Kansas Common Sense
May 04 2020
Welcome to “Kansas Common Sense.” Thanks for your continued interest in receiving my weekly newsletter. Please feel free to forward it on to your family and friends if it would interest them.
Coronavirus Update: Protecting Our Food Supply
Please take precautions to keep you and your families safe, and please call your primary care physician if you are experiencing symptoms related to the coronavirus. It is important as individuals we each take a personal responsibility to stop the spread of COVID-19 and flatten the curve, including washing our hands regularly, avoiding touching our face, sneeze or cough into a tissue or the inside of our elbow and disinfecting frequently used items and surfaces as much as possible.
In the midst of this pandemic, I realize that our economy will only recover once we address the issue of people’s health. I am supportive of widespread testing efforts so that Kansans can feel secure in their health and we can begin to look forward towards economic recovery.
Last week, Governor Laura Kelly announced “Ad Astra: A Plan to Reopen Kansas”. For full details on this plan, click here.
Protecting our Food Supply and Meatpacking Plants
It is important that we keep our food supply chain healthy and running during COVID-19. The first priority must be to make certain our front-line workers are safe and that there is sufficient PPE and testing for meatpacking plants to ensure all workers are protected.
I have recently spoken with President Trump about the need to keep meatpacking plants open, especially in Kansas where over a quarter of beef processing capacity for the country is located. This week, President Trump used his authority under the Defense Production Act to designate meat processing plants as critical infrastructure to help keep meatpacking facilities open. I applaud his leadership to act quickly to support the food supply chain during this outbreak.
I will continue to work to ensure that meat processors maintain operations in a manner that safeguards employees while maintaining the availability of food for Americans. Watch here as I speak about the importance of Kansas meatpacking plants with Neil Cavuto on Fox Business.
Joining The University of Kansas Health System Media Update
On Friday morning, I joined The University of Kansas Health System (TUKH) for a media update with Secretary of the Kansas Department of Health and Environment Dr. Lee Norman. We discussed reopening the economy in Kansas, the success of the Paycheck Protection Program in helping small businesses keep employees on their payroll and the Senate’s return to Washington, D.C.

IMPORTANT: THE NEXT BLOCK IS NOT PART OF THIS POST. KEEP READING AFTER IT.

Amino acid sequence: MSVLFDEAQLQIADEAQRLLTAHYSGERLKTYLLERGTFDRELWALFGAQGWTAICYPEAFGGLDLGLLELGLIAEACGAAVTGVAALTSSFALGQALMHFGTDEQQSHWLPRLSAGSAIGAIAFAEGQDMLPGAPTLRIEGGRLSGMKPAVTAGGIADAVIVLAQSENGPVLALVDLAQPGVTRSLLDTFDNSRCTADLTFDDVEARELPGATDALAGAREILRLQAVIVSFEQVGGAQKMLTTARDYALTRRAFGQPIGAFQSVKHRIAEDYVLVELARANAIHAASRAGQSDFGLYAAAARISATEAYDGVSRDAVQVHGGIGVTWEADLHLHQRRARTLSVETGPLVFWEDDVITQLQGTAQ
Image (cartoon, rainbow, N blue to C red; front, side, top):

The University of Kansas Health System’s Medical Director for Infection Prevention and Control Dr. Dana Hawkinson and Chief Medical Officer Dr. Steve Stites also participated in the media update. To watch the full media update, please click here.
Joining Goddard High School’s Government Class
I enjoyed the opportunity to speak with Jacob Holle’s honors government class at Goddard High School over a video conference call last week. I appreciated the students asking thoughtful questions about what it’s like to be a Senator, why our national debt matters and how our government works. They also shared with me how they are handling COVID-19 and the disappointment of missing out on so many of the important senior-year activities that we often take for granted. They are a bright group of students, and I know they will achieve great success in whatever they choose to pursue.
Participating in Wamego Middle School’s History Class
I enjoyed participating in an 8th-grade history class at Wamego Middle School Friday over a video conference call. We discussed the U.S. Senate, how I got my start in public service, and how students are coping with the COVID-19 situation and learning from home. I was reminded again how tough and determined Kansas students are, and I want to send a special thank you to Adam Topliff and all the teachers like him that are continuing to educate our children during this pandemic.
Making Certain Audio-Only Telehealth Services Are Reimbursed Equally
This week, I led an effort with 40 of my Senate colleagues to urge CMS to increase reimbursement for audio-only telehealth services. I am pleased that the CMS has announced that they will make this change immediately, so our providers utilizing audio-only health visits during the COVID-19 pandemic will be reimbursed at rates that allow them to continue to provide necessary care for their patients.